Home Health It’s Risky to Mix Paxlovid With Immunosuppressants

It’s Risky to Mix Paxlovid With Immunosuppressants

by News7

The Pharmacovigilance Risk Assessment Committee (PRAC) of the European Medicines Agency (EMA) has issued a reminder to healthcare professionals regarding the potential serious adverse reactions associated with Paxlovid when administered in combination with specific immunosuppressants.

These immunosuppressants, encompassing calcineurin inhibitors (tacrolimus and ciclosporin) and mTOR inhibitors (everolimus and sirolimus), possess a narrow safe dosage range. They are recognized for their role in diminishing the activity of the immune system and are typically prescribed for autoimmune conditions and organ transplant recipients.

The highlighted risk arises due to drug-drug interactions, which can compromise the body’s ability to eliminate these medicines effectively.

Paxlovid, also known as nirmatrelvir with ritonavir, is an antiviral medication used to treat COVID-19 in adults who do not require supplemental oxygen and who are at an increased risk of progressing to severe COVID-19. It should be administered as soon as possible after a diagnosis of COVID-19 has been made and within 5 days of symptom onset.

Conditional marketing authorization for Paxlovid was granted across the European Union (EU) on January 28, 2022, and subsequently transitioned to full marketing authorization on February 24, 2023.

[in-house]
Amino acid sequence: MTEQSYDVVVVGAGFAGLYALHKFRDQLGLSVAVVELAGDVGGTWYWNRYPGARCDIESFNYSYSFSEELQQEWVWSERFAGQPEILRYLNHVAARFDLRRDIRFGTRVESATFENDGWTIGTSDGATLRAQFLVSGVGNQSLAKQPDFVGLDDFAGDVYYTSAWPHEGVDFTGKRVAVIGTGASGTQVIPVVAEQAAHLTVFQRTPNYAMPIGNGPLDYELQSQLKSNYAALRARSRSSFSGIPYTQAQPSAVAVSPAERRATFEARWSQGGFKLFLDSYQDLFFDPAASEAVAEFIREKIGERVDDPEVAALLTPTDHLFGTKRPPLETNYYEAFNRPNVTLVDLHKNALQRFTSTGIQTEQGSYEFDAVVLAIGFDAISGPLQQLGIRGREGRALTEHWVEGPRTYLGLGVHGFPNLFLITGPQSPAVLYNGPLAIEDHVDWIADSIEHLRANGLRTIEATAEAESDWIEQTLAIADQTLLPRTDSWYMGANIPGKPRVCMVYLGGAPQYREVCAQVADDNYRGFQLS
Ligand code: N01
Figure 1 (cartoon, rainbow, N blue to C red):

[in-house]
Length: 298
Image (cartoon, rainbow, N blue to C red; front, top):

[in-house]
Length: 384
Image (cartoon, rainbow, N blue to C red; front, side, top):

Developed by Pfizer, Paxlovid exhibited an 89% reduction in the risk for hospitalization or death among unvaccinated individuals in a phase 2-3 clinical trial. This led the National Institutes of Health to prioritize Paxlovid over other COVID-19 treatments. Subsequent real-world studies have affirmed its effectiveness, even among the vaccinated.

When combining Paxlovid with tacrolimus, ciclosporin, everolimus, or sirolimus, healthcare professionals need to actively monitor their blood levels. This proactive approach is essential to mitigate the risk for drug-drug interactions and potential serious reactions. They should collaborate with a multidisciplinary team of specialists to navigate the complexities of administering these medications concurrently.

Further, Paxlovid must not be coadministered with medications highly reliant on CYP3A liver enzymes for elimination, such as the immunosuppressant voclosporin. When administered together, there is a risk for these drugs interfering with each other’s metabolism, potentially leading to altered blood levels, reduced effectiveness, or an increased risk for adverse reactions.

After a thorough review, PRAC has highlighted potential serious adverse reactions, including fatal cases, due to drug interactions between Paxlovid and specified immunosuppressants. Thus, it issued a direct healthcare professional communication (DHPC) to emphasize the recognized risk for these interactions, as previously outlined in Paxlovid’s product information.

The DHPC for Paxlovid will undergo further evaluation by EMA’s Committee for Medicinal Products for Human Use and, upon adoption, will be disseminated to healthcare professionals. The communication plan will include publication on the DHPCs page and in national registers across EU Member States.

Source : Medscape

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